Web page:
Happy Wednesday, everyone, or as they say to the Brits and Americans who consistently flood Paris, Happy Wednesday! This week, we’ll be grabbing our cans of spray paint, hopping on nos vélos, and setting off on a journey of découverte.
This week’s mix is a curious bunch of vinyl I’ve acquired on a few trips overseas, with a few key exceptions of rare finds in the US. I tried to include a multitude of songs sung in French, though it was a challenge since so many punk and hardcore songs are recorded in English. French is a language best suited for hip-hop flow and chansons, where English tends to fit with punchier, more aggressive music. As a linguistics nerd, I enjoy this weird binary.
One of the threads that ran through a bunch of my interviews with French collaborators for Capitals of Punk was how France has always felt “late to the party” within pop music (especially rock and punk) among Western countries. This dynamic is what makes French pop music so interesting to me, especially that which is produced with no consideration of the all-powerful English-language tunes, or even that which is produced in direct resistance to the Anglo-American cultural dominance.
I hope you enjoy the variety of material you’re about to hear! I’m also excited to make an announcement on Your Sonic Sunday this coming weekend that is intimately related to this week’s Sonic Geography Mix. Sorry I missed this last Sunday. Sixteen straight Sundays to kick off 2020 wasn’t a bad run.
Funeral Service (Riems) – “Pills”
Schlitz (Paris) – “Destroy Babylon” (from Wondawful World 7″)
Too Much (I have no clue) – “Silex Pistols” (from the Born Bad French Punxploitation LP)
Kromozom 4 (Paris) – “La Tuture” (from 7″ split with Heimat-Los, which I found in Knoxville, of all places)
Baton Rouge (Lyon) – “D’Année en Année”
Sport (Lyon) – “Eric Tabarly” (LP bought at FEST 14)
Maladroit (Paris) – “She Spent Valentine’s Day on her iPhone” (from 7″ split with Teenage Bubblegums)
Kimmo (Paris) – “Clac Son”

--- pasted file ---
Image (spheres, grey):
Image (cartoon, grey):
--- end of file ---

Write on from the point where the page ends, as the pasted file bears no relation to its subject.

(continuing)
Frustration (Paris) – “Artists Suck!”
Buried Option (Orléans) – “Mandrake Falls”
Sunsick (Marseille) – “Holidays”
Telephone (Paris) – “Regarde Moi”
Berurier Noir (Paris) – “Hèlene et le Sang” (from Concerto Pour Détraques reissue LP)
Computerstaat (Paris) – “Crypt” (some cold wave for your souls)
Starshooter (Lyon) – “Betsy Party”
Thrashington D.C. (Brest) – “Banned in B.M.O.”
Metal Urbain (Paris) – “Panik” (Punk française starts here)
Sherwood (Paris) – “Le Bourgeois”
Watermane (Montpellier) – “Greetings from the Basements”
Ferry “Rock” Berendse (Weird story/Indonesian born) – “Rock and Roll Mops” (off the Born Bad Record early French R&R comp)
Amanda Woodward (Caen) – “Pleine de Grâce”
Edith Piaf (Omnipresent) – “Mon Manège À Moi (Tu Me Fais Tourner La Tête)”
Cultural forms, particularly popular music, offer a utopian possibility of unity through a shared cultural expression. The examples of [Johnny] Hallyday and the Fête [de la musique, every June 21st] mirror the dichotomy between the two. One could observe that the French rocker creates a unified audience for his music through a homogenization of sounds and styles and that the Fête stresses the diversity of musical cultures while combining cultures… The paradox between these positions is that music (and other forms of culture) can serve to promote singularity and plurality.
The above quote comes from page 7 of Jonathyne Briggs’ Sounds French: Globalization, Cultural Communities, and Pop Music, 1958 – 1980. This book is one of the best synopses of any nation-state’s popular culture I’ve read, and is absolutely essential for anyone interested in learning about the development of pop music in France. It’s already been incredibly helpful in my understanding of the framing of punk music against France’s popular and sociopolitical culture as I work on going through my recordings and notes from this summer.
Of course, there are so many avenues through which to explore this. The companion site to Briggs’ book provide links to various songs he alludes to, such as “Rock and Roll Mops” by Henri Cording (Salvador) and his Original Rock n’ Roll Boys (1956), largely credited as the first proper French “rock n’ roll” single. As Briggs writes, Henri Salvador did not take rock n’ roll seriously, and made a novelty song aimed at capitalizing on what he thought was a trend (not completely unlike Bill Haley did with “Rock Around the Clock”), but the song did begin a (protracted) slippery slope of rock n’ roll legitimacy in the French language. The first thing I thought of while reading this was how Plastic Bertrand provided the same type of parodic cornerstone for French-language punk music with “Ça plane pour moi” (1977). Granted, Bertrand’s song was more tongue-in-cheek, but it remains one of the most recognizable French-language songs in the Anglo-Saxon world. Tell me I’m wrong.
While I have yet to publish anything on it (academically or on here), I will encourage a greater focus on non-Anglo-Saxon punk culture, because it would afford us a more nuanced understanding on the conditions that spread it, as well as (very importantly) challenge a long-held single-story that particular socio-political environments were necessary for it to grow. More to come.
One of the final R.A.S. shows ends in violence as Neo-Nazis infiltrate the crowd. Paris, 1984. (Photo courtesy of Philippe Roizes, all rights reserved)